You may not store food tokens in the warehouse.
Each completed row in your warehouse will be worth the indicated number of points at the end of the game.
Pass the start player marker clockwise.
Reset the carts: slide all of the carts back to the left column.
Refill extension strip: If no extensions were purchased, discard the one at the bottom. Then, slide all the extensions down, filling in any gaps, and refill from the top.
The game end is triggered when any of the location boards is totally empty (of goods, cards, and carts), or if there are not enough extensions to refill the extension strip. Finish the current round, and then play one more final round.
Dump out your bag and container. You will score points for all goods that you have—in your warehouse, on your action board, in your container, and in your bag. You do not count goods that are already on order cards, because those have been traded away and are no longer yours. The point values for goods are shown on the scoring overview tiles, and they’re also printed on the location tiles under the goods icons.
You also score 2 points per boat card, and 4 points per house card, along with the bonus points for the corresponding goods on the houses. You score the listed points on your completed orders, and the points for each completed warehouse row.
The highest score wins, with ties going to the player with the most coins left.
There’s also a missions expansion—each player will end up with two secret mission cards, and if you complete your objectives, you will score bonus points. You reveal your mission cards when you complete them. There’s a variety of missions: some require you to collect a certain number of goods, or store particular goods in your warehouse. There are a few that require you to be the first to do something: fulfill an order, build a house, complete a warehouse row with fish.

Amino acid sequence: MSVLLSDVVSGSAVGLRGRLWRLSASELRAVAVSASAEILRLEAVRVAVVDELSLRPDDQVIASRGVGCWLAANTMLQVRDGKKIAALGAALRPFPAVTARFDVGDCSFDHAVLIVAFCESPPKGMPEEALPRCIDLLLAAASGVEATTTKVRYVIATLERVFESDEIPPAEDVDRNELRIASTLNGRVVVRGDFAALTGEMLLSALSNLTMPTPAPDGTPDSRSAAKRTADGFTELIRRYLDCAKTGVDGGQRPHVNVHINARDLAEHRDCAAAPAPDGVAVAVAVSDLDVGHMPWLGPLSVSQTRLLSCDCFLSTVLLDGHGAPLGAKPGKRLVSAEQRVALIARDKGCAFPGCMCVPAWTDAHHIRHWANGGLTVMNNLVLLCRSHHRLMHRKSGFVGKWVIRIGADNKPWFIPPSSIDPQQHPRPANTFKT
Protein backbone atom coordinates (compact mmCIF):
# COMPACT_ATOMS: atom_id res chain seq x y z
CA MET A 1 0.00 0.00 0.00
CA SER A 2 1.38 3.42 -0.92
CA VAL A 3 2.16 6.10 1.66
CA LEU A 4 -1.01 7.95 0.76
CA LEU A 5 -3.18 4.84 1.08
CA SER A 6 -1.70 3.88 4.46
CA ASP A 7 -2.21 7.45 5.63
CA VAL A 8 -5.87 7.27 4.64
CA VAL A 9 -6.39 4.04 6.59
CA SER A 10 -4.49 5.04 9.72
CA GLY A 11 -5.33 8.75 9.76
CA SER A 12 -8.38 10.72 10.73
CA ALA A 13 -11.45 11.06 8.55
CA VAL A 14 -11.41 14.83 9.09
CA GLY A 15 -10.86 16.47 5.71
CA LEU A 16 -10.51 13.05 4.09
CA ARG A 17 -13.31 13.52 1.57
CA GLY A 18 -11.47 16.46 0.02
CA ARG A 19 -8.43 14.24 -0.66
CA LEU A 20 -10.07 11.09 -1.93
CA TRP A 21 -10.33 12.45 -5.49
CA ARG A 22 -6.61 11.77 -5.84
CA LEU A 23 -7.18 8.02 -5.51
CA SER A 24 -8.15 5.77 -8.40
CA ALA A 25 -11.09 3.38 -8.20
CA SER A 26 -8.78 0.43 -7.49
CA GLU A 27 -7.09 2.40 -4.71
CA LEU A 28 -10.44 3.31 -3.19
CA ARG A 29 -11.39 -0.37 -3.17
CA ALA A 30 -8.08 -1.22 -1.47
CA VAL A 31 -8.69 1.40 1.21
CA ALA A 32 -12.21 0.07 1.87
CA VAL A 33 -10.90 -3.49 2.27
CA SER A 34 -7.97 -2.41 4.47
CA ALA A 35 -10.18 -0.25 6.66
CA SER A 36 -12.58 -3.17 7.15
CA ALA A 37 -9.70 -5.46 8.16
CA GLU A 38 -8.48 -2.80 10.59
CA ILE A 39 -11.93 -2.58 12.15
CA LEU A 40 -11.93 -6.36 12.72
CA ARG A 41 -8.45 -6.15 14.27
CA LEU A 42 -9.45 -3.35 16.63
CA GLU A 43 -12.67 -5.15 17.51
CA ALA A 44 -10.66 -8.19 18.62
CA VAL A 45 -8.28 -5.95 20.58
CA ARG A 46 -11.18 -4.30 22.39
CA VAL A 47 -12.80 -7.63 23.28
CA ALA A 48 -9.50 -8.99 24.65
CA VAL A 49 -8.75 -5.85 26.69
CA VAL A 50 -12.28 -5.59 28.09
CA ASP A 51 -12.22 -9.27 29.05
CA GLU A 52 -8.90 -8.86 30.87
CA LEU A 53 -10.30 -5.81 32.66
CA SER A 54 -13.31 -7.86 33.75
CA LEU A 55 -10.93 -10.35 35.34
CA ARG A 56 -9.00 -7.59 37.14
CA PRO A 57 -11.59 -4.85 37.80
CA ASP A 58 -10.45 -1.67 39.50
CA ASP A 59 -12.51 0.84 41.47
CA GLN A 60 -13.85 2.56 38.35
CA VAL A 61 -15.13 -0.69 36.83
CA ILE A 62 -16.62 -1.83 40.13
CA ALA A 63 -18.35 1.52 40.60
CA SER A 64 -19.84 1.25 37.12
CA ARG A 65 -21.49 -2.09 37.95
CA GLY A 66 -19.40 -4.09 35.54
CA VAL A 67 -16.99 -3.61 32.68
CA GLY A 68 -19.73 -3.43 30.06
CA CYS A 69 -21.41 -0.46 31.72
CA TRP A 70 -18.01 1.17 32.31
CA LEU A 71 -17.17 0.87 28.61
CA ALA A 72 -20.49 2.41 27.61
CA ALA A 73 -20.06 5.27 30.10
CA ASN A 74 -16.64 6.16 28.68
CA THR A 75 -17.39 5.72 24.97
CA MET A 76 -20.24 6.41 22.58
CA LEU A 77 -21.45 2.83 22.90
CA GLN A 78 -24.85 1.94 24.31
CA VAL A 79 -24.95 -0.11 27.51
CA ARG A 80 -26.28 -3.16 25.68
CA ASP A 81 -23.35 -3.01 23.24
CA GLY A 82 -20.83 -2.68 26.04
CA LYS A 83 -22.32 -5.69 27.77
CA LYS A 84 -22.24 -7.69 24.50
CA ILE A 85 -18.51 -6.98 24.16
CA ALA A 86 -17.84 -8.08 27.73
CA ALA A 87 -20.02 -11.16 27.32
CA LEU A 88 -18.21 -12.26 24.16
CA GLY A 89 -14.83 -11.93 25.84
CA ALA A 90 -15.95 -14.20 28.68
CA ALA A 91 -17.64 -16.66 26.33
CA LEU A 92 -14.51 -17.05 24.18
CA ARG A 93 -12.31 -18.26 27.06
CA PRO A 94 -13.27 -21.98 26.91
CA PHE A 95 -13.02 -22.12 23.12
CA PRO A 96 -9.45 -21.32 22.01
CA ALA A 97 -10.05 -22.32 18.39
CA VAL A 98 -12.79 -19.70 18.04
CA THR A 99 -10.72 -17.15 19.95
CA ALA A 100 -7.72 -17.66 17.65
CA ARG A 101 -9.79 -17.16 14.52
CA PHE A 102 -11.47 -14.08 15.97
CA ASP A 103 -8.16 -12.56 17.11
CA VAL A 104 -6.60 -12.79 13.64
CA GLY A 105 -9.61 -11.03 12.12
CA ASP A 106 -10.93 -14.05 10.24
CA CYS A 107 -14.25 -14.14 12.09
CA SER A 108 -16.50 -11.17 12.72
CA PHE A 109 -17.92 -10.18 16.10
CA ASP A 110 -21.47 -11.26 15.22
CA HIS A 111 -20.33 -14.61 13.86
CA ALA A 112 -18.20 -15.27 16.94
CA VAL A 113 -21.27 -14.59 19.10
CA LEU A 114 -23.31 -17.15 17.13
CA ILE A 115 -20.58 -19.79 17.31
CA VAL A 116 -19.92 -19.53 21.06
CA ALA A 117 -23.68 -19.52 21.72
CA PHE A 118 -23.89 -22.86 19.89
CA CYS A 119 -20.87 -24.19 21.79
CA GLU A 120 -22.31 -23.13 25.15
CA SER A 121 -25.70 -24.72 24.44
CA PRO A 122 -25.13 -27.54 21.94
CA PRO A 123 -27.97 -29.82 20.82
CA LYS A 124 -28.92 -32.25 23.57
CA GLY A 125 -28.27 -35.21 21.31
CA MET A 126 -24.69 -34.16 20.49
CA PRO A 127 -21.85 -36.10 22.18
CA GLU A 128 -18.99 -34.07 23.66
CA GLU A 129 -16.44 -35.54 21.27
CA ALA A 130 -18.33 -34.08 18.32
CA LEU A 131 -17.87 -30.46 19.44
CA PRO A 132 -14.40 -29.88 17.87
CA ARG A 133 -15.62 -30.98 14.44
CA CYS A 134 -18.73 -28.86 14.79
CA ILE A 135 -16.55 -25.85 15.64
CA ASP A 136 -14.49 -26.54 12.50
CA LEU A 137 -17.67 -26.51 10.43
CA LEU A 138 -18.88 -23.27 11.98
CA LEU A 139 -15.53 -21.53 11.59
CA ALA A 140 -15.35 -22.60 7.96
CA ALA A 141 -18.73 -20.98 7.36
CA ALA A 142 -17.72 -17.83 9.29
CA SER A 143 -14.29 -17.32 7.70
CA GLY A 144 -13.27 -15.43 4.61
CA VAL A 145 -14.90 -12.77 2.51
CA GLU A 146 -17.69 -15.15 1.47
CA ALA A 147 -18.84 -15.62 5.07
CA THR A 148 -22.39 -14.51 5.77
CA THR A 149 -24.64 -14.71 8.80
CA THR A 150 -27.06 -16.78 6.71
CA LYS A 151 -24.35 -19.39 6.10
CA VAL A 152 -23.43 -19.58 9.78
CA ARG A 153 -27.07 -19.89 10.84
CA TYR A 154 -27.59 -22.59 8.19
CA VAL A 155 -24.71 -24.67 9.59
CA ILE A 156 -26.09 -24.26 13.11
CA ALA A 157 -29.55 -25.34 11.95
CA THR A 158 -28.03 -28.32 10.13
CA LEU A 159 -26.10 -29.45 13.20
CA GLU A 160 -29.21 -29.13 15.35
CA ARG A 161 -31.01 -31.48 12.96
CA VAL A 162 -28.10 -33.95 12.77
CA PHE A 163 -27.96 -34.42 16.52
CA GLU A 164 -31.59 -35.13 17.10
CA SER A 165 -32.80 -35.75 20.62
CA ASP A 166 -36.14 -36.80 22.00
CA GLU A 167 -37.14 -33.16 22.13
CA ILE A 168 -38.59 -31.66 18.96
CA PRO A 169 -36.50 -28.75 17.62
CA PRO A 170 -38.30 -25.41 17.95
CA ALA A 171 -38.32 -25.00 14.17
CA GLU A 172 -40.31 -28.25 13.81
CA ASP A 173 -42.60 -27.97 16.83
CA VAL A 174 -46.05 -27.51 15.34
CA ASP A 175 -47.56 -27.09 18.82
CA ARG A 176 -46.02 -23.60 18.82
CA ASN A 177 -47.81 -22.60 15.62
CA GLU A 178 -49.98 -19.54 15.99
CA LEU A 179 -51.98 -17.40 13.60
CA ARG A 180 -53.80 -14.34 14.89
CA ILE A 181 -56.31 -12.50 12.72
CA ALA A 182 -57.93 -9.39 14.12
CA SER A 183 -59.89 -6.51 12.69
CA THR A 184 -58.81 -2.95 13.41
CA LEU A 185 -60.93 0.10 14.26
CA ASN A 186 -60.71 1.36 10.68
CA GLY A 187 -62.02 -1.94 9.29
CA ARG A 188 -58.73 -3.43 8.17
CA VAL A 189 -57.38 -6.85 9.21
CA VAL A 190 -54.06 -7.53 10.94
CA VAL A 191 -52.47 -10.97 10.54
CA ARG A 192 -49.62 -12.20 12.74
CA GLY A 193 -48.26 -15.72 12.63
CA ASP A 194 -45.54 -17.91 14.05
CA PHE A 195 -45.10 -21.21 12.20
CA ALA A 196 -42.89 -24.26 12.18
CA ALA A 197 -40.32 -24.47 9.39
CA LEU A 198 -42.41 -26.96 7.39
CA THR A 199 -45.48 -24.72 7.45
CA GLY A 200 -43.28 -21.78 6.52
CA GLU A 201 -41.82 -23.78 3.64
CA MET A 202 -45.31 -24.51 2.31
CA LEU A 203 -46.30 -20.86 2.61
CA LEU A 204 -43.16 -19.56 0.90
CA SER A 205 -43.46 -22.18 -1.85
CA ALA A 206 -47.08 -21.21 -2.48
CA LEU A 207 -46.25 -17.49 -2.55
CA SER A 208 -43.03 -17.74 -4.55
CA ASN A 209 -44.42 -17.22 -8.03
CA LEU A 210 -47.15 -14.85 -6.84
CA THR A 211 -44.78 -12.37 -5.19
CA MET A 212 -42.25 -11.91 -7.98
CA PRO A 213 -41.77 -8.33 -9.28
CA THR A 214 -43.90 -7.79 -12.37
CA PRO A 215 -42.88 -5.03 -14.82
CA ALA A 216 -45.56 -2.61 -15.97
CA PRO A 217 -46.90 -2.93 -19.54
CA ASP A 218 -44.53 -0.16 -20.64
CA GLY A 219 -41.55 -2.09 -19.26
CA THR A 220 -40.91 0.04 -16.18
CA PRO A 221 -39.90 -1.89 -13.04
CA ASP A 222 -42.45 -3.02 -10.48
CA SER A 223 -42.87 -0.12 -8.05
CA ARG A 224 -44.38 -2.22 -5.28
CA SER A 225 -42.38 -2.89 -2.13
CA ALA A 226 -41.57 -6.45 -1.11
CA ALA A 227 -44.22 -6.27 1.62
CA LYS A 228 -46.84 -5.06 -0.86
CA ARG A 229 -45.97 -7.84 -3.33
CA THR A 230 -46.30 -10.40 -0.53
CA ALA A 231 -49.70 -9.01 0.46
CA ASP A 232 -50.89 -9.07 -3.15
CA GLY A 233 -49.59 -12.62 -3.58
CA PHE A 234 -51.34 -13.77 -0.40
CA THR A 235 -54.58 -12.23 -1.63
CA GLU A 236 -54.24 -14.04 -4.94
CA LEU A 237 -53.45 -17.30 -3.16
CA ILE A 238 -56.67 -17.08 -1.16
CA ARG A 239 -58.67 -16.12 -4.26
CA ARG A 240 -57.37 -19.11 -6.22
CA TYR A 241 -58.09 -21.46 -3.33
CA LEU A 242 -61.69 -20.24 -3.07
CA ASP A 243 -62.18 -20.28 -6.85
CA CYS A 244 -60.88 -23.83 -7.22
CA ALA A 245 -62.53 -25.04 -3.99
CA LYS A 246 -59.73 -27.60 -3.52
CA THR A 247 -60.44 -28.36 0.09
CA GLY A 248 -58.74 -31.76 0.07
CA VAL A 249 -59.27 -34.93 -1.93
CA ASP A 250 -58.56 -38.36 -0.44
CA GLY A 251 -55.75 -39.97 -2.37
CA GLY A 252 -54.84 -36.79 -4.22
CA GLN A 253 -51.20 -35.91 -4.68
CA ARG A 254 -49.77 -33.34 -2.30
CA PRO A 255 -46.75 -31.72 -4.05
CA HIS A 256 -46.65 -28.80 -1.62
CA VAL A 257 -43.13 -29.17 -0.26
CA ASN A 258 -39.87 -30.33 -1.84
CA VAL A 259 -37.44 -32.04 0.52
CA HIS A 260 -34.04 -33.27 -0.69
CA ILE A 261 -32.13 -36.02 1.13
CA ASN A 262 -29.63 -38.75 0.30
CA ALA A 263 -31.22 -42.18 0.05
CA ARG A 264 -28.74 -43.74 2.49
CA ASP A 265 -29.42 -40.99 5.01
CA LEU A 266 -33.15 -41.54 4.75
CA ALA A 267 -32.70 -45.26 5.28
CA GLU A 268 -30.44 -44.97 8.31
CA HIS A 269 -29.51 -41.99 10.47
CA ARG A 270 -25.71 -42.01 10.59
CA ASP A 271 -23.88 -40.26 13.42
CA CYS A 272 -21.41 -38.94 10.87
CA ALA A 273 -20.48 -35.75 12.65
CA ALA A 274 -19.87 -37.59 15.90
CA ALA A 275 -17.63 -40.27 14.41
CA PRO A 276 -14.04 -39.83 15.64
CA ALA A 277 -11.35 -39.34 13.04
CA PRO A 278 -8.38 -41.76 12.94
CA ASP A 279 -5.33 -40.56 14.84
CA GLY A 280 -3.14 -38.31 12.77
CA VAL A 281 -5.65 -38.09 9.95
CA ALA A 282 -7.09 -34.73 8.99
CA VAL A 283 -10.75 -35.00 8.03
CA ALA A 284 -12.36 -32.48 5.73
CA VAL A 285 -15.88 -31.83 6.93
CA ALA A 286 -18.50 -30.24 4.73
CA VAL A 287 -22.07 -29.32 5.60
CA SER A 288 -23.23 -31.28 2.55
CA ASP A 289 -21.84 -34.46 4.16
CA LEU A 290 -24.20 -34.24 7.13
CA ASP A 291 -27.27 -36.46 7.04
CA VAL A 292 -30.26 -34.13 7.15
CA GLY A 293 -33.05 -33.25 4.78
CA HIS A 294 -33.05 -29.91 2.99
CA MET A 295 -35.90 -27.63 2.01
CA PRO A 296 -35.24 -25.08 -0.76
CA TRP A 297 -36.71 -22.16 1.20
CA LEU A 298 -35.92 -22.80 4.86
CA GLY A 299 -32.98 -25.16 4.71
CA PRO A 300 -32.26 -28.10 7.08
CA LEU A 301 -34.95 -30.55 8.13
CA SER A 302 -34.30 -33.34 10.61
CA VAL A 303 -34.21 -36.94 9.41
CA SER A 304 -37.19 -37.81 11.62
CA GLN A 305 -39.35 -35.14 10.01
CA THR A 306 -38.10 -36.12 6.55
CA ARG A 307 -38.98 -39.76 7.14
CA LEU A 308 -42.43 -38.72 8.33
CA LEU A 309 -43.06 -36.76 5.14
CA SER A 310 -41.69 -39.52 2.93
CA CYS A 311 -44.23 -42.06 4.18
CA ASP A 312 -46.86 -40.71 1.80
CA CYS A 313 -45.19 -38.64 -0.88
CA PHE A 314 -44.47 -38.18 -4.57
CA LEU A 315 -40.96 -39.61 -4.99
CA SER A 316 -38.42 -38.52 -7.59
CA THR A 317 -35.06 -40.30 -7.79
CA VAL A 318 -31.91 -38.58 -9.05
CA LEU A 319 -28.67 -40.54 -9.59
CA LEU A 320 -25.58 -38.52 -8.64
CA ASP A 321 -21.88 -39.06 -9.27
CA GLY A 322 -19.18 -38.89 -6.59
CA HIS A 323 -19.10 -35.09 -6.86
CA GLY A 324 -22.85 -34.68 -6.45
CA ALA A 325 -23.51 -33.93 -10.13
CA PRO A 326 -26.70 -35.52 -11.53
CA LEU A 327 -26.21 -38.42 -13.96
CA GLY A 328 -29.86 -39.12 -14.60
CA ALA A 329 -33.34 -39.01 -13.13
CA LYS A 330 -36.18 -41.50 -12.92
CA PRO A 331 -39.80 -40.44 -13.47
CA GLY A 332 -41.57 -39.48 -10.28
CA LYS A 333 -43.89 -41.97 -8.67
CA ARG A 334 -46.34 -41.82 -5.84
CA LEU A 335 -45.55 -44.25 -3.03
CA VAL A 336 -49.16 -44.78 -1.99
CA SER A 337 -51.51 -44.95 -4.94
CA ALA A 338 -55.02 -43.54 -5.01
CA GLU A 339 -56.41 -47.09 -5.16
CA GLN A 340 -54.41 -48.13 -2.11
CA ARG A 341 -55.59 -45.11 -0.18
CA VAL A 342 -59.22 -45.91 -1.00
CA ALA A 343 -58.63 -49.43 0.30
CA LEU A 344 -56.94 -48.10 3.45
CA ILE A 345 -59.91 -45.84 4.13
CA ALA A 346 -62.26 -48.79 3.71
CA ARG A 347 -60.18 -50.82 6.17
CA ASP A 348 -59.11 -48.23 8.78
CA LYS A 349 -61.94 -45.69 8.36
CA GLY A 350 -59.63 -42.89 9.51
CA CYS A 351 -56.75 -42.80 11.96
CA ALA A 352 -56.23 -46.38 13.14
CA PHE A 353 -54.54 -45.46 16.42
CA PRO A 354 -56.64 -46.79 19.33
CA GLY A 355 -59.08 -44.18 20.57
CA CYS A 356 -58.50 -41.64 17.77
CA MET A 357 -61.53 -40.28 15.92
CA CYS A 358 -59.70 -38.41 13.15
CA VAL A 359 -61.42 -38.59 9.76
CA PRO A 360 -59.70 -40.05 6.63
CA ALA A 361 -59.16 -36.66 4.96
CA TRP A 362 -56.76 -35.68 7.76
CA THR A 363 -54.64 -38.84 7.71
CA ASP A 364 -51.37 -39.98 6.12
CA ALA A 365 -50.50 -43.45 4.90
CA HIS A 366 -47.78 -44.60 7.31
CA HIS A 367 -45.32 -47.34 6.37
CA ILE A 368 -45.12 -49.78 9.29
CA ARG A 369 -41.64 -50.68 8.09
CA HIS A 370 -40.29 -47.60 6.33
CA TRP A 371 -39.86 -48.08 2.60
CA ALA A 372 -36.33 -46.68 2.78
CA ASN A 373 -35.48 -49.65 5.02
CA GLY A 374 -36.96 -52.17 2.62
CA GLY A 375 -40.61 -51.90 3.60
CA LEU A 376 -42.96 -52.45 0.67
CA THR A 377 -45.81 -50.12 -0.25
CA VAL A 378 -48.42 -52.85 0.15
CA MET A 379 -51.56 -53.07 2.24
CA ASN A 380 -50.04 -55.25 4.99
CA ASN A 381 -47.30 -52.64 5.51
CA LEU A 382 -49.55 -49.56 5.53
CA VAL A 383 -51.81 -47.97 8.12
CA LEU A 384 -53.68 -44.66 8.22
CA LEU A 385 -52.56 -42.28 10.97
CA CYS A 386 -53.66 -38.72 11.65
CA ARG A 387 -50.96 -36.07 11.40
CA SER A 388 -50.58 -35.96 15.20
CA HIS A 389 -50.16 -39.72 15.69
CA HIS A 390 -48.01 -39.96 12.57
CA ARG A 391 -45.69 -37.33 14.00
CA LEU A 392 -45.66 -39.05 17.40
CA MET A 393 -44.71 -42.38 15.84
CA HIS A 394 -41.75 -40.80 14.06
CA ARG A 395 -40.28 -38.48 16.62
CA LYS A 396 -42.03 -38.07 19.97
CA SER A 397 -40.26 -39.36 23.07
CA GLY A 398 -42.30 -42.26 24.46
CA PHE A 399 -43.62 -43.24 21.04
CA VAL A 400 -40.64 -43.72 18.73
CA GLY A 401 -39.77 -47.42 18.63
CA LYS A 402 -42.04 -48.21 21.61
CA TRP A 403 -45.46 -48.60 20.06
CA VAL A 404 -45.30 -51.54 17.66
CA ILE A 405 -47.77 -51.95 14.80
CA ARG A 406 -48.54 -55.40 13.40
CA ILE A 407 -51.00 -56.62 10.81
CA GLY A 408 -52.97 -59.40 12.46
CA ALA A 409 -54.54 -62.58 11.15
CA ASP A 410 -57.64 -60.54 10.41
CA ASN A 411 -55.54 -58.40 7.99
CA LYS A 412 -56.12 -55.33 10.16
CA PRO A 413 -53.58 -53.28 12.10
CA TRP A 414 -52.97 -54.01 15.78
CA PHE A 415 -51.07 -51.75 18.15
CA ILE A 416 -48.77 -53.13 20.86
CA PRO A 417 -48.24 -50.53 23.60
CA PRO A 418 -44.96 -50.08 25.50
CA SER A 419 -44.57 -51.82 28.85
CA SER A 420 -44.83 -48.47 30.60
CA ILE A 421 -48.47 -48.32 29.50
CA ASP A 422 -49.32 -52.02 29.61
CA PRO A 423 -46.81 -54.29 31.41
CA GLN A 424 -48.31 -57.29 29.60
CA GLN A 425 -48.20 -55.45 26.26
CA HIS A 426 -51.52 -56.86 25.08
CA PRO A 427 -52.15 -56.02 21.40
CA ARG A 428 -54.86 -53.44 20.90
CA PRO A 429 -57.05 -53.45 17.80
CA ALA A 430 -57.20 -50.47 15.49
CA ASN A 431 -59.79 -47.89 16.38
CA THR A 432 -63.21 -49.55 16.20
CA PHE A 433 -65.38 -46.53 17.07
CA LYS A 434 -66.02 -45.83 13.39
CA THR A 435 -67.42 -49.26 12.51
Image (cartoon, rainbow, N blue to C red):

The setup for the missions involves drafting cards, so you get a little bit of a choice in which missions you take.
Why You Should Play Altiplano
I haven’t played very many bag-building games, but there is at least a little similarity to deck-building games, one of my favorite genres. You start with a basic set of things, and you acquire more over the course of the game, trying to set things up so that you will get certain combinations. There are some fascinating differences, though. In most deck-building games, you start with basic cards and you’re hoping to get some better, stronger cards into your system. In Altiplano, although there is a hierarchy of goods in terms of point value, you aren’t just using your basic goods to get more advanced goods into your bag. You’ll still need basic goods (especially food) throughout the game.
Your action board gives you all sorts of choices, limited by the goods that you managed to pull from your bag, and each round you try to figure out the best way to spend your goods. You always have to account for where your pawn is on the board, because you can only move so many times (and if you don’t have a cart, your movement is even more limited). It can be a logistical puzzle, figuring out not only how to arrange your goods on actions to get what you want, but also how to move to the right locations.
The extension tiles can give you access to all sorts of new actions. For instance: at the start of the game, there are no default actions for acquiring some of the resources, like cacao beans, glass, ore, alpacas, and fish. If you don’t have the role that gives you that good, how do you get it? Well, the extension tiles are one option. Another is to build a boat, which gives you one free resource. Sure, you won’t be able to get more, but if you get one alpaca, you can start making wool to make cloth—just not quite as often as the shepherd.